Government Must Press Ahead With De-regulation
18 July 2012 in Chamber News
Commenting on the Statement of New Regulation (SNR), published by the government today, John Longworth, Director General of the British Chambers of Commerce (BCC), said:
“Over recent months, the government’s efforts to deregulate have not gone unnoticed by the business community. There has been a significant reduction in the flow of new regulations, even if the overall number of regulations on the books remains far too high. Notably, the new changes announced around audit exemptions will be welcomed as they will save businesses up to £390m a year. “But there is still some way to go until the benefits of regulatory reform are felt by real businesses on the ground, with many complaining that European legislation in particular is making them less competitive in global markets*. Ministers must continue to pursue deregulation, and not assume that the job is complete.”
On pensions auto-enrolment, the biggest new regulation confirmed in the SNR:
“As hard-working businesspeople battle on in an uncertain environment to grow their companies, they will soon face the significant costs associated with pensions auto-enrolment, which will affect companies of all sizes over the next few years.
“Many firms still lack detailed awareness of these fundamental changes, and may not understand the extent of the responsibilities involved. The government and The Pensions Regulator must act more decisively to communicate exactly how and when companies will be affected. Smaller firms, in particular, will need more support to minimise the time spent trying to adjust to this new regulation.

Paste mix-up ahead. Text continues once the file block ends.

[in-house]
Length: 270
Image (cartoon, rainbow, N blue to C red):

“Businesses, too, must shoulder their own responsibilities, and ensure they are prepared for auto-enrolment as the first companies will be affected from October.”
On cost recovery by the Health and Safety Executive (HSE), also confirmed in the SNR:
“We are concerned that this new regime will effectively incentivise health and safety inspectors to find businesses in material breach of the regulations. Businesses tell us they worry that making money – rather than real health and safety issues – will drive inspectors’ behaviour in future. They want the focus of health and safety inspectors to remain on helping law-abiding, honest businesses, not on maximising revenue to the HSE. Ministers must ensure that this change does not damage relationships between good companies and the HSE.”